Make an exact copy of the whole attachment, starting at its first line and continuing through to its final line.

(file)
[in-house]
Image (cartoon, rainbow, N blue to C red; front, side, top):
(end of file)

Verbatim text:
[in-house]
Image (cartoon, rainbow, N blue to C red; front, side, top):